Ensure a viable future by being the best we can be today.
In February, at the UFI Global CEO Summit, I was a panelist on a session that explored the sustainability of the exhibitions industry and what we should be doing to prepare for the future. Frankly, it’s a conversation I have almost every day with future-focused clients. Here are a few key considerations.
Treat every Brand Experience (a.k.a., event, expo and conference) as if it’s the first one.
Everyone knows that you have one chance to make a great first impression. But it only takes one “meh” show to keep people away forever. That’s why we must plan each brand experience to deliver ultimate value to the various stakeholders – the organizers, the host city, the sponsors and of course, the participants. Consider their individual needs. Ask, how can we exponentially increase the value that the brand experience medium provides each group?
Be a brand/community manager, not a margin manager.
Unfortunately, the very group that should be advocating for added value in the exhibitions industry – the individuals who should be brand managers for their events – are under pressure to behave like margin managers. (And I am not saying that margins are not important – we all know they are a reality.) There’s a huge temptation to just push the “same-as-last-year” button: it’s quicker, it requires less up-front work and therefore creates the illusion of saving money. But this misguided focus on minding the margins has caused a devaluation of net-new content and undermined the relevance of experiential marketing as a medium. How much better to invest in the development of new solutions to share with event participants – which will give you both eternal youth and good margins.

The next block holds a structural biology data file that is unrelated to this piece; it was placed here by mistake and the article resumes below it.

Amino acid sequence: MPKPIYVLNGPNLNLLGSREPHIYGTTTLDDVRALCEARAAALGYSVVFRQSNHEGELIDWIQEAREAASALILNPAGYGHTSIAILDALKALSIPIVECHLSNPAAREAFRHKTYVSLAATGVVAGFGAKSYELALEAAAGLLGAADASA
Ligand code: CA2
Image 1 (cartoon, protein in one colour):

New content is essential to sustained relevance.
After more than 25 years in this industry, I have a lens into the world of “net new content.” When I started out working in expositions, there was a huge emphasis on the creation of original content. That was the draw. That’s what made us relevant. Over the last decade, we’ve seen content continuously defunded. Print has been deprioritized (for obvious reasons), and even some digital assets have been trimmed from budgets. Event planners are forced to rely on exhibitor boards and committees that bring repurposed content. When conferences and shows become nothing more than content curators, it can begin a death spiral. Attendees discover that they can more easily and effectively find what they want for themselves, and the event becomes superfluous.
Don’t confuse short-term activities with long-term strategic, measurable action.
Another thing that threatens the viability of the expositions industry is the tendency we all have to pursue short-term activities instead of beginning the more challenging, long-term strategic action required to keep our brands relevant. For example, we obsess about who will speak at our General Session and never stop to consider whether a General Session with wall-to-wall talking heads is even the right thing to do. Or we jam new technology into our conference without understanding what we want it to accomplish. We collect data, but we don’t use it. We fail to learn what works and what doesn’t, because we don’t design with a specific outcome in mind; we fail to design metrics into the execution. There is no substitute for strategy.
In my next blog, I’ll pick up with this thought, and discuss how a design-thinking approach can help any organization prepare for the future.